It’s very easy to overeat in our culture of over-sized meals, McDonald’s on nearly every corner and high fructose corn syrup pumped into our foods. A great number of people worldwide are brought up on poor quality junk food that’s lacking in nutrient density. An assortment of highly salted food, intense amounts of sugar, and artificial flavor profiles have been created by the food industry to generate an addictive relationship to junk foods that can be intense and difficult to overcome.
A study published in Nature Neuroscience in 2010 evaluated rats that were given access to a high-fat diet. Researchers determined that “excess food intake can trigger changes in the brain, alterations that seem to create a neurochemical dependency in the eater,” according to Scientific American’s article on the study.
Eating, similar to other pleasurable behaviors like sex and drug use, triggers the release of dopamine. This is a neurotransmitter in the brain that makes you feel good. Dopamine acts as a positive-reinforcement reward for eating, so every time you eat, dopamine reinforces the behavior and eventually it becomes habitual.
But overeating is more than just a brain chemistry concern – it includes so many other factors that weave together to create the challenge of overeating that so many of us face. By the way, these are just some of the key principles that we dive into in our premiere online program for the public – Transform Your Relationship with Food™.
Consider these 10 common signs of overeating and see if they speak to you:
10 Common Signs of an Overeating Challenge
- Eating fast
- Eating without paying attention
- Eating without pleasure or nourishment
- Eating alone with a feeling of shame, guilt or embarrassment
- Eating and feeling “heavy” afterwards
- A preoccupation with your weight
- A belief that even though you love food, it’s still your “enemy”
- A history of weight fluctuations or a string of unsuccessful diets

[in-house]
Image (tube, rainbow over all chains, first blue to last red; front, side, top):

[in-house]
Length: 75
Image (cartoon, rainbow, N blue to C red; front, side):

- A fear of appetite
- A belief that life will be better if you can just control your appetite and lose weight
Taking Control of an Overeating Problem
If you think you have a problem with overeating, you can take back control of your life.
The Institute for the Psychology of Eating teaches a powerful body of work called Dynamic Eating Psychology and Mind Body Nutrition. These methods promote a positive relationship with food and remind us that food is a gift, not an enemy. Our work is designed to help people transform their relationship with food from one of dependence to one of fulfillment for body, mind, heart and soul.
- The psycho-dynamics of control and willpower
- Pleasure chemistry and overeating
- Practical short-cuts for transforming compulsive eating
- The hidden connection between body image and overeating
- How work and corporate culture impact overeating concerns
- The spiritual psychology of nourishment and deeper hungers
- The influence of life transitions on compulsive eating
- The use of bio-circadian nutrition techniques for fast results
If you’re ready to start your journey on the road to a more fulfilling relationship with food, look at our trainings and see if they’re right for you.
Once you learn how to overcome an overeating problem, you can help others heal, too. We can teach you how to do so and certify you as an Eating Psychology Coach through our Distance Learning Program.
If you’re interested in learning more about our Eating Psychology Coach Certification Training, or any of our other offerings please sign up for our free information packed video series called “The Dynamic Eating Psychology Breakthrough” HERE or email us at email@example.com to learn more.
© Institute For The Psychology of Eating, All Rights Reserved, 2014
P.S. If you haven’t had a chance to check out our FREE information packed video series – The Dynamic Eating Psychology Breakthrough – you can sign up for it HERE. It’s a great way to get a better sense of the work we do here at the Institute for the Psychology of Eating. If you’re inspired by this work and want to learn about how you can become certified as an Eating Psychology Coach, please go HERE to learn more. And if you’re interested in working on your own personal relationship with food, check out our breakthrough 8-week program designed for the public – Transform Your Relationship with Food™ HERE.